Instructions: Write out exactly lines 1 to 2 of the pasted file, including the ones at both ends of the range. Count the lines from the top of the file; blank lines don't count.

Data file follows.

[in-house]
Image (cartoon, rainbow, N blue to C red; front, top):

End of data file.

[in-house]
Image (cartoon, rainbow, N blue to C red; front, top):